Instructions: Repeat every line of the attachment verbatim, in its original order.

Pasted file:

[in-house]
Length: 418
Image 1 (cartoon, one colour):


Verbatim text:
[in-house]
Length: 418
Image 1 (cartoon, one colour):